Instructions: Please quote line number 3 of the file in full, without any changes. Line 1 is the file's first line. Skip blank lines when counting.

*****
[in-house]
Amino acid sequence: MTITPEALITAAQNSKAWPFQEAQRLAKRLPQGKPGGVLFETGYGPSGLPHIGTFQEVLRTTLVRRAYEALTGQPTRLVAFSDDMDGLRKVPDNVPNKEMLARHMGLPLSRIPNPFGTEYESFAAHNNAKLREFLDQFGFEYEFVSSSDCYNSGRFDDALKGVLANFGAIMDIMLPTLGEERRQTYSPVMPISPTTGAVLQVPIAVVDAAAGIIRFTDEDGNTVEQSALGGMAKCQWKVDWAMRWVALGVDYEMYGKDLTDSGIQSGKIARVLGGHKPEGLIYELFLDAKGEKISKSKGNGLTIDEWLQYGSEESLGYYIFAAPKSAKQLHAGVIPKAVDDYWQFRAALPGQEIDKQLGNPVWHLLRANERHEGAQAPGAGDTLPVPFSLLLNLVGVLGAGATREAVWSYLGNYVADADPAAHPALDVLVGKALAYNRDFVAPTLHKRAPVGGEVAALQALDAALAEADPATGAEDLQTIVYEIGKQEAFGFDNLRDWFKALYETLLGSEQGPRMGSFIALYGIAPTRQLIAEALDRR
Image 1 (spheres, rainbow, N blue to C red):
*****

Image 1 (spheres, rainbow, N blue to C red):